“Join the conversation” is also empty and non-rational. First, the use of “conversation” disingenuously implies Bell is engaging in a rational, possibly intimate, discussion in which each person participates. By Bell’s own admission, this “conversation” consisted of millions upon millions of social-media “interactions.” There is no “conversation.” Second, this slogan had been used by the Globe and Mail newspaper to similar cloying effect since at least 2006, at which time it was owned in part by Bell Canada Enterprises. Therefore, “join the conversation” not only misrepresents the essence of “Let’s Talk” but has no specific connection to mental health.
Logo, slogan and picture
The “Bell Let’s Talk” logo in the lower left seems unobtrusive, but it’s the real focus. We know this because it is also used in stand-alone ads. The picture of the smiling woman on the right serves to humanize this cause marketing. She gives a faux
concreteness to an otherwise vapid abstraction, and her large, empty, blue “join the conversation” bubble ties in with the logo's smaller version. Like the other features of the ad, she has no purpose other than to trigger an emotional response in the audience: “Here’s a person who is now mentally healthy because of Bell’s campaign. I’m going to participate!” or “She’s a mentally healthy person just like me: I’m going to do my part for the less fortunate.” The ad worked because all the disparate clichés coalesced to form a moral imperative in the audience’s mind even though cajoling people into “interacting” does not add up to legitimate therapy or guarantee that those who really
need mental help take part. Here’s that ad again with the propaganda explained:
Weapon of Moral Distraction
A propaganda campaign succeeds if the target audience uncritically accepts a contrived narrative as being real and operates according to its message. This holds true both for political propaganda like false flag attacks and corporate propaganda like “Bell Let’s Talk.” In the latter case, the sustained propaganda barrage and the nickel bribe not only successfully conditioned millions of Canadians to chime in but also inhibited examination of Bell’s professed moral mission. On the surface, reducing fear and stigma is the sort of noble-sounding, throw-away claim that can’t be disproven, but more importantly it provides rhetorical cover for a public-relations disaster: Bell’s hard-sell tactics that cause mental illness among its employees. What better way to cover this up than by manufacturing a cause-marketing campaign to portray Bell as a champion of mental health!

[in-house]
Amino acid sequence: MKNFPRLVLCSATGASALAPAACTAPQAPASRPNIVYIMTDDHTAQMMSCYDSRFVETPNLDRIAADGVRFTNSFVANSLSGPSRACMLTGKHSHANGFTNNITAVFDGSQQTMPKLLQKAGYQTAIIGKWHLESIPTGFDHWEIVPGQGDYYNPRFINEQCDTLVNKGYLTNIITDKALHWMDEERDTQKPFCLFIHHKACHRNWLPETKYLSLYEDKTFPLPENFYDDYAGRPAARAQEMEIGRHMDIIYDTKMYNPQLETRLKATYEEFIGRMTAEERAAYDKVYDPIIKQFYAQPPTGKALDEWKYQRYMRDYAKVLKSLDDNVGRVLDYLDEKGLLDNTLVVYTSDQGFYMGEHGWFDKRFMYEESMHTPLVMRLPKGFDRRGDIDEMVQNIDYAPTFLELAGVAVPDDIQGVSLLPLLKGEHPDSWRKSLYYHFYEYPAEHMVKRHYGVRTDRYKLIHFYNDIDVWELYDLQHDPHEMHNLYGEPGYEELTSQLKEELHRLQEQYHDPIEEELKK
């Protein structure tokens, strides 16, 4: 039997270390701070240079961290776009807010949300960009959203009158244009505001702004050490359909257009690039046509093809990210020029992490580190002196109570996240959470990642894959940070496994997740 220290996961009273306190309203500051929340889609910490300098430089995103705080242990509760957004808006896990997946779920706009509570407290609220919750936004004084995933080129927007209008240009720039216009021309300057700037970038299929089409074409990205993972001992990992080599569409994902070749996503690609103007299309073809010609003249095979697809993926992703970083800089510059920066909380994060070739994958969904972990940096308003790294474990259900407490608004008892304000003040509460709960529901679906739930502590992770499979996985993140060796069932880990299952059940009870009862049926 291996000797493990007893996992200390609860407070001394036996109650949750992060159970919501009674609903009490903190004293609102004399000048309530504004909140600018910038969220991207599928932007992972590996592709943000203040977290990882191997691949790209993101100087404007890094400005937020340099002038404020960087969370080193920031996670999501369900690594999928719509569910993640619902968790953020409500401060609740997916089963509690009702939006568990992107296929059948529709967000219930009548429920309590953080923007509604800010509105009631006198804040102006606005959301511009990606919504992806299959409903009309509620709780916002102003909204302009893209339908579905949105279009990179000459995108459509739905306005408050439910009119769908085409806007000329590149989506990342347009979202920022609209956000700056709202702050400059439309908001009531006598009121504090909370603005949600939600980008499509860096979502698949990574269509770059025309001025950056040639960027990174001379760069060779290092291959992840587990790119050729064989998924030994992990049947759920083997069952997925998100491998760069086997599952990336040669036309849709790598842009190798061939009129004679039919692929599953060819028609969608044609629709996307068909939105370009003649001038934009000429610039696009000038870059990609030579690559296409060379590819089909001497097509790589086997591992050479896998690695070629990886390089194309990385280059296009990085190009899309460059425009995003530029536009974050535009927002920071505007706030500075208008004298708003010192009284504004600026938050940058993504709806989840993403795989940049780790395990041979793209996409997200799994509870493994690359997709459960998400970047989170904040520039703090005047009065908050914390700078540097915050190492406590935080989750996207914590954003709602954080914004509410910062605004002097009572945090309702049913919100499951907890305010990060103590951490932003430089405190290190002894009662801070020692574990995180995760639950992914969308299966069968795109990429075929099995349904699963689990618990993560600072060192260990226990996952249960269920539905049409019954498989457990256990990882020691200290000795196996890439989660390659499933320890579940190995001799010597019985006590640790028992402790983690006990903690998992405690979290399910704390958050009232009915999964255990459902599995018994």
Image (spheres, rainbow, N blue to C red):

Last November, CBC Television ran three stories that chronicled just how cruelly Bell treats its call-centre staff and how unethically the company pushes its services on customers. In the second story, past and present employees told CBC of having their jobs threatened if they didn’t meet sales quotas, and as a result of constant worrying about their financial security developed chronic mental stress. In some cases, this stress led to severe weight loss, ulcers, bloody vomit, panic attacks, depression, and uncontrolled crying. One employee told of emails and phone calls from a manager in the early hours of the morning regarding her sales figures. Another employee told the CBC that Bell’s toxic work environment is so infamous that doctors unhesitatingly prescribe leave for what she has termed “The Bell Effect.”
In still another case, Andrea Rizzo, a 20-year Bell employee, developed carpal tunnel syndrome but Bell would not reduce her sales quota to account for her injury. Last November, after several years of pain, she filed a complaint with the Canadian Human Rights Commission claiming discrimination based on her disability.
Employees also suffer mental anxiety, Rizzo said, because of Bell’s coercive and deceptive selling tactics. To meet a sales quota, employees sell something on every call and so feel forced to sell services that a customer may not want or be able to afford: “[If I’m not closing a sale, a coach will] sit next to [me] and say, ‘Don’t tell them that. No, put the call on hold,’ or ‘No, tell them you have no other options; this is the best choice they’re making.’ Some of them will take over the call and actually talk for us.”
To these and other specific charges of ethical and professional misconduct, Bell gave CBC no specific response; instead, it offered up blanket denials and generic, non-responsive, promotional boilerplate that could have been written by a marketing hack.
“Let’s Talk” is such a perverse hypocrisy that it qualifies as false advertising and should be forcibly ended. One can understand how people would want to participate in it, but I wonder how many would be so eager to “interact” with Bell if they knew that their efforts helped a sociopathic corporation hide its abuses. Next January, when the Bell propaganda snowstorm blankets the country, Canadians who have a conscience should ignore it. Instead of allowing themselves to be used in a cynical, marketing ploy, they should boycott “Let’s Talk” to give $5 or $10 directly to a mental health agency. The mental health they help will also be their own.